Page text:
(re: “Video shows cop punching suspect,” “To protect, and to serve,” Oct. 12)
“You saw police work in action.”
One would be forgiven for appreciating the irony in this candid truism by 50th Precinct officer Terence O’Toole, for police work and police brutality seem to go hand-in-hand in the United States.
On Oct. 6, Alfred Burns, 16, was pinned down and punched in the head 13 times by an officer after allegedly trying to steal a bicycle at Broadway and West 225th Street in Marble Hill. A viral video circulating around the internet, showing the assault on the teen by a burly officer after he allegedly knocked the officer’s partner down, has received widespread media attention.
The 50th Precinct is justifying this disproportionate use of force by claiming that Burns had his hands around the neck of the second officer. Although we do not know what happened before the video begins, Burns’ left hand was near the officer’s neck for a couple seconds in the video’s first moments before he used it to shield his head from the barrage of punches from the first officer.
Alarmingly, Officer O’Toole attempted to deflect attention from the conduct of his officers by invoking Burns’ criminal record. However, as rightfully noted by The Riverdale Press, “Any justification the officer had to punch the teen in the head repeatedly (should) focus on the exact situation we watched unfold in the video, not his criminal record.”
This reality, in addition to Officer O’Toole’s remark that “the next cop that (Burns) encounters may have to shoot him because he is going to fail to comply …” has profoundly disturbing implications.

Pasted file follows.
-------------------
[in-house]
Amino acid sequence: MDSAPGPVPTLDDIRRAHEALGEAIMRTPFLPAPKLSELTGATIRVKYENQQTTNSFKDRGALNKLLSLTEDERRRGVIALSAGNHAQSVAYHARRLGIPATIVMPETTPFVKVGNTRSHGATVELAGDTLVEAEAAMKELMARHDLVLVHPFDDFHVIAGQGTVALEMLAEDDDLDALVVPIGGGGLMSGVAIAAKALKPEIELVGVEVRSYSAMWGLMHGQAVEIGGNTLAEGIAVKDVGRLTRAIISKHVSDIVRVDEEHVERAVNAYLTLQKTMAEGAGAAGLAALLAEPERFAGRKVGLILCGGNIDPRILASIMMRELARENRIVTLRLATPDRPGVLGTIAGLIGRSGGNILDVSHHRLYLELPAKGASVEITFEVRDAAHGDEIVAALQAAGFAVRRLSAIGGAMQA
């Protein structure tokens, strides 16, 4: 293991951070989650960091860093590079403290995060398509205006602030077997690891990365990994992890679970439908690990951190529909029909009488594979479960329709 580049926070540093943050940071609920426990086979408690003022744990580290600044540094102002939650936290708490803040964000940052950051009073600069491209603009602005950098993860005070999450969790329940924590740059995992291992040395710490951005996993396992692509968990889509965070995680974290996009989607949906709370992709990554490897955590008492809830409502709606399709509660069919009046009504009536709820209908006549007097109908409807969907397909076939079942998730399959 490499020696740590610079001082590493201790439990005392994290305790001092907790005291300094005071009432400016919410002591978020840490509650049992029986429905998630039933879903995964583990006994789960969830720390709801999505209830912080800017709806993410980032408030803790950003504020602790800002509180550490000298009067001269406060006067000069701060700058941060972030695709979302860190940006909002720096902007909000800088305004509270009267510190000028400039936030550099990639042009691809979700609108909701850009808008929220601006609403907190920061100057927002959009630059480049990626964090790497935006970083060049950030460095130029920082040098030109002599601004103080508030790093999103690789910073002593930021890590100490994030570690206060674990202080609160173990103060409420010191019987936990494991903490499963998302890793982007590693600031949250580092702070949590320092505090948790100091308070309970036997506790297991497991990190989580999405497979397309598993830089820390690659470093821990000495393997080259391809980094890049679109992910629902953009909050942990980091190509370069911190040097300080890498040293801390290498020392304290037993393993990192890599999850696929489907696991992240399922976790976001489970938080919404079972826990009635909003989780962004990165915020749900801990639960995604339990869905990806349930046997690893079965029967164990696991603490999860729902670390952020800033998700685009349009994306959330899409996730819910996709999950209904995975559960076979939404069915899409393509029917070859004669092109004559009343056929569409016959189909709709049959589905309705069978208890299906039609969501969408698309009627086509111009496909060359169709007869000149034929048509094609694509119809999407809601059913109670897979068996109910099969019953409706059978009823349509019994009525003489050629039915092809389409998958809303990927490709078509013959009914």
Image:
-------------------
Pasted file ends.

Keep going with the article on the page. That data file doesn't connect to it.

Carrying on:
As any eighth-grade history student would tell you, law enforcement may not arrogate to itself the role of judge, jury and executioner. What kind of example does Officer O’Toole, as the commanding officer of the 50th Precinct, set for his subordinates when he makes such remarks publicly?
As for the altercation in question, though one cannot know how one would react in a given situation, as noted by the terrified screams of passers-by who yelled at the officer to cease, one would think that a police officer of all people would have the training and experience to understand what constitutes reasonable use of force.
Whether or not the officer’s use of force was justified is being investigated by the New York Police Department’s internal affairs. As residents of the Northwest Bronx, we are deeply disturbed by this incident and Officer O’Toole’s unprofessional and dangerous remarks. Between the aforementioned and the statement by Officer O’Toole that a man who attempted to stop the punching and a woman who screamed during the incident are being sought and are subject to arrest, we are alarmed and concerned that a culture of unaccountability and intimidation is present in the 50th Precinct.
Regardless of the outcome of the investigation, Officer O’Toole and the officer who delivered the punches should be asked to turn in their badges. If the NYPD is serious about changing its approach to policing, then it must recognize that this incident compromises the trust and goodwill of the communities it serves.
We will not stand by when police brutality occurs in our neighborhoods. We will not stand by when a police officer assaults a minor, risking brain injury and death. We will not stand by when a commanding officer of the 50th Precinct makes statements that can be interpreted as an incitement to his own officers to shoot a boy he dismisses as a “scourge on the Bronx.”
And we will not stand by when that commanding officer publicly threatens to arrest local people who reacted in natural horror to what was occurring before their eyes.
We demand an end to violent, racist policing in our communities. There must be no police state in the 50th Precinct, or anywhere across this nation.
The author writes on behalf of members of North Bronx Racial Justice, which includes Jennifer Scarlott, James G. White, Anne Price, Robert Schwab, Mary Hemings, Suzanne Corber and Lucy Mercado. He also writes on behalf of Hermon Darden of St. Stephen’s United Methodist Church, Doug Cunningham of New Day Church, Dr. Ellen Isaacs from Montefiore Medical Center, and Jone Johnson Lewis of the Riverdale-Yonkers Society for Ethical Culture.